History of Economics Playground

What should every non-econ student know about economics?

When they told me I was expected to teach “Introduction à l'économie” this year, I thought, OK, this is straight. Every economist knows how to do that. If not, he will be wisened up after swallowing 50 pounds of Mankiw/Stiglitz-Walsh textbooks, where he will learn everything about how economics has evolved, from the science of how wealth is produced to the science of rational choice under scarcity. A science in which agents face arbitrage, respond to incentives, gain from exchange, and therefore enter relationships that are usually coordinated through markets (although under certain conditions, state intervention is needed to correct market imperfections). If there is still time left, the economist will introduce notions of collective arbitrage between inflation and unemployment, determinants of long-term growth, etc. In the French undergraduate curiculum, principles of economics is taught along introductory micro, introductory macro, a course on contemporary economic issues, one on economic history, and, (but that was in the good old times), one on the history of economics. By the end of the first year, students will thus hopefully master preferences, marginal cost, the prisoner's dilemma and moral hazard, and also CDOs, CDSs and public debts. They will know how the unemployment and growth rates have evolved over the past century, and how notions of scarcity, rationality and modeling emerged in the late XIXth and Xxth century (kiddin', that was in the good old times). And they will have a serious background in stats and math to talk about all this.

Then, I realized that my 17 hours of lectures and 10 hours of seminars (supplemented by another 10 hours given by a colleague) of “introduction à l'économie” would be it. The following year, students would have 15 hours of lectures on economic policy, and, if my proposal was accepted, a 15 hours introduction to urban economics or to social economy, depending on their specialization. If they then went on to a Bachelor Degree in urban studies or social work, the focus would be on management and methods taken from sociology, ethnology, and geography. No more economics. Two thirds of them had never taken an econ course in high school. They would be going through my sequence, and that was all. A lifetime economic knowledge in 50 hours, 70 if I was lucky.

I began to sense that, with due respect to Ricardo, the cloth vs wine story might not do. Nor would the iphone vs Gstar jeans (spoiled kid version of comparative advantage). Maybe not even the whole comparative advantage thing graphically illustrated. For what was the point of teaching them basic concepts such as equilibrium, imperfect competition, strategies, and so on, if they were never going to build on them later ? What was the point of explaining why drug dealers live with their moms or why brides buy dresses while grooms rent tuxs, if they were not even equipped to decide whether they should buy or rent a house, or whether they should choose to study one more year? My doubts reflected the polysemy of the word “économie” in French (meaning both economics and the economy) and the economic cobweb I was caught in: time is a scare resource, make choices. I was thus left pondering these questions:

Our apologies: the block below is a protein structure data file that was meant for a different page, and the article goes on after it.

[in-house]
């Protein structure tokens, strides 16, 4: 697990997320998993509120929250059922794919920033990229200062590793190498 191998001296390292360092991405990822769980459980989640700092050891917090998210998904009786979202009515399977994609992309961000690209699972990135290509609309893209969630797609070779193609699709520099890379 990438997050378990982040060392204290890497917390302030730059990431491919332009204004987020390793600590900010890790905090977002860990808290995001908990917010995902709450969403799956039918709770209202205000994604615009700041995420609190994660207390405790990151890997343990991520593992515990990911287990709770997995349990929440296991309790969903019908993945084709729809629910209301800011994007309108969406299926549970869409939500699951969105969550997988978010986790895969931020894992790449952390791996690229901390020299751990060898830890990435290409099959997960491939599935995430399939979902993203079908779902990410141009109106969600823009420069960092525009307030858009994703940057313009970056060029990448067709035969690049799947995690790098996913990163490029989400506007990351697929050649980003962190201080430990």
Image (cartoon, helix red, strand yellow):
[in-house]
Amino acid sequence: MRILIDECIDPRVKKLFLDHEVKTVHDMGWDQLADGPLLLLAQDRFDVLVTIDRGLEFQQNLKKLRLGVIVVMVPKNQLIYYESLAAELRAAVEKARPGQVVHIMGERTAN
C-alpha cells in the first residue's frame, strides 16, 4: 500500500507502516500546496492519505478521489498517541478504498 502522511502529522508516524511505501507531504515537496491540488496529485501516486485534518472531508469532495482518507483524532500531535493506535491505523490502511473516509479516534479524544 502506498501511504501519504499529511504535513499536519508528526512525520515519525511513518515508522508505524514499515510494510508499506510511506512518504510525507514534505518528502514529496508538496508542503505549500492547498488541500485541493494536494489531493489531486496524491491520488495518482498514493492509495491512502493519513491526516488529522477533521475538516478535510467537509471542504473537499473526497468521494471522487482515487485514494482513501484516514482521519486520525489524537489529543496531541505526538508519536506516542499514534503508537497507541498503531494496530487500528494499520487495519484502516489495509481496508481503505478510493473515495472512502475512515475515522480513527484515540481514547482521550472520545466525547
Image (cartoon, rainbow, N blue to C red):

-what is the basic economic literacy everyone should have? Should it be a knowledge of the economy (what are the current measures of growth and welfare, what caused the financial crisis and what of its consequences), or a basic knowledge of how economists understand individual and collective behaviors?

-is the purpose of this economic sequence only to turn our students into informed citizens? Prospective employers, private and often public, don't care whether my students master economic concepts (except cost-benefit analysis, which is fundamental to several management courses). They expect recruits to make a budget, to draft a building permit application, to survey populations' needs, to understand what functions such and such building serve in the community, to establish a planning or devise a protocol to assess the quality of home care services. What basic economic knowledge could complement such professional skills? Of course, economists have a lot to say about geography, territories, business location, agglomeration, transports, cooperative agreements. Such ideas are usually introduced after they master the "principles," the yardstick. If there's no time for both, is it possible to bypass the yarstick and go straight to imperfect economics?

But there was a more fundamental issue. Never before had I taught to undergrads whose curiculum was not essentially focused on MODELING reality. As I write this, I realize I'm unfair.  In their first months training, they learn how to read and design a map. They summon Gant and Ishikawa to model their management decisions. Yet, the social sciences and descriptive stats courses are designed to prepare them to go on the field, to survey a population, to assemble data and to draw descriptive conclusions in a monograph. In this process, no model is used to make sense of observed behaviors. Or the models used are some I don't yet recognize as such. It's thus difficult to see how an economist can contribute to such curiculum.